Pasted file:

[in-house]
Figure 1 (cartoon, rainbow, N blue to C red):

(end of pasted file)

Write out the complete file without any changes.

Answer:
[in-house]
Figure 1 (cartoon, rainbow, N blue to C red):